Lancaster University

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Lancaster to lead North West Excellence Hub

05/10/2007 15:53:41

Schoolchildren on a previous course for gifted and talented youngsters held at Lancaster University
Schoolchildren on a previous course for gifted and talented youngsters held at Lancaster University

Lancaster University has been awarded a four year contract worth at least £400,000 to lead a partnership to stretch and challenge the abilities of gifted and talented youngsters.

Together with the Universities of Liverpool and Manchester, Lancaster is to form an Excellence Hub in the region to lead provision for the top ten per cent of the school population.

The Government’s Department for Education and Skills is to award at least £100,000 a year to the Hub, which will also generate matching funding.

Lancaster's Excellence Hub will focus its activities on the many thousands of young people in the North West who are classed by their teachers as gifted and talented in areas ranging from academic excellence to sporting prowess and artistic and performing ability.

There will be summer schools, masterclasses with academics, weekend events and online learning.

Prof Keith Percy is Director of the School of Lifelong Learning and Widening Participation and Head of the Department of Continuing Education at Lancaster.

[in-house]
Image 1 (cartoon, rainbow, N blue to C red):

He said: “This means we’re now a flagship university for supporting gifted and talented young people. It brings prestige and recognition to Lancaster along with the benefit that young people on these courses will see good universities such as Lancaster as a destination to aim for.”

Prof Percy said that a key aspect of the NW Excellence Hub will be its determination to seek out, and to support, giftedness and talent among children who come from poorer homes and homes which have no tradition of higher education. The Hub will provide free or subsidised courses to disadvantaged youngsters who will take up to at least a third of the places available

He said many gifted and talented schoolchildren risked becoming bored if they are not sufficiently challenged.

“Clever children may feel they’re treading water at school and become disengaged.

They need new horizons, new interests and to feel that they’re not the odd one out. That’s why it’s so good for them to come to Lancaster and try new subjects or new combinations of subjects which they may not experience at school or find out about the latest research.

“Coming to Lancaster shows gifted and talented youth that this is what’s lying ahead of you, you can come here if you work hard enough and don’t get demotivated.”

Courses will take place not just at the three universities in the Hub but also at outside organisations such as museums and art galleries, orchestras and football clubs. Other higher education institutions will also be invited to make provision promoted by the Hub.

Prof Percy also said he wants to develop innovative areas such as awarding credit for university modules taken by the youngsters, or developing parent and children learning so the families do not feel left out of their offspring’s education.

The North West Excellence Hub will be one of nine commissioned by the DfES to cover the country.